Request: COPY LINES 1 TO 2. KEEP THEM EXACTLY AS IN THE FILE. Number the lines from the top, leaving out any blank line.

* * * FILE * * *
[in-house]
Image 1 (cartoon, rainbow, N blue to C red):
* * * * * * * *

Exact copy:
[in-house]
Image 1 (cartoon, rainbow, N blue to C red):